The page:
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Dhaka Tribune

A way out?

Assessing the best way out of the Ukraine crisis

Update : 24 Mar 2022, 01:39 AM

It has been several weeks since Russia sent its troops inside the territory of Ukraine -- which Vladimir Putin declared a "peacekeeping mission." The US and its allies, on the other hand, condemned this as an invasion of an independent country, and also responded by imposing sanctions of various types to weaken the Russian economy, and attempted to isolate it from the rest of the world.

Now the question is: How to end this war?

From the beginning of the 21st century, the core strategic interest of the US have been Asia, the Persian Gulf, and Europe. Asia became a matter of concern for them because of the rise of China as an economic power, and the Persian Gulf was a place of interest for its stock of oil.

After the cold war era, a new conflict began between the US and Russia, when the US and its European allies started to expand NATO and took initiatives to peel Ukraine away from the Soviet orbit and incorporate it into the West. Beginning with the Clinton administration, NATO has been expanding eastwards towards the border of Russia.

NATO incorporated Poland, the Czech Republic and Hungary in 1999, and then the Baltic States (Estonia, Latvia, and Lithuania), Romania, and Bulgaria in 2004. Russia from the mid-90s adamantly opposed NATO's expansion.

However, Russia was unable to resist that expansion as it was probably not strong enough to confront NATO at that time.

The crisis intensified at the end of the Bucharest Summit on April 3, 2008, when a declaration was issued that said, "NATO welcomes Ukraine’s and Georgia’s Euro Atlantic aspiration for membership in NATO. We agreed today that these countries will become members of NATO."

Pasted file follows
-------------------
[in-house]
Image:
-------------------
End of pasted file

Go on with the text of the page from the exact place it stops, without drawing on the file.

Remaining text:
In response, the Russian Deputy Foreign Minister said, "Georgia’s and Ukraine’s membership in the alliance is a huge strategic mistake which will have serious consequences for pan-Europe security." Russian leaders interpreted this gesture as a "direct threat" to their nation.

Russia strongly opposed the "open-door policy" of NATO, and Putin announced military operations in self-defence if required. Following that, Russia and Georgia got into a war in August 2008. It was a clear warning against NATO’s expansion closer to the Russian border.

Russia was facing a direct threat not only from NATO expansion but also from the economic expansion of the European Union. While NATO, as a military institution, absorbed the entire security belt of Russia, the European Union was on a mission to integrate the economy of Ukraine, Poland, the Czech Republic, Slovakia, and the Baltic states.

The crisis escalated even further when the pro-Russian president of Ukraine, Yanukovych, fled the country on February 22, 2014 to Russia over a political upheaval and strong protest. Russia believed that the western plots were behind that coup.

Russia saw that move as a western attempt to take Ukraine away from Russia and make it a part of the West. Russia responded immediately and aggressively and annexed Crimea on March 18, 2014.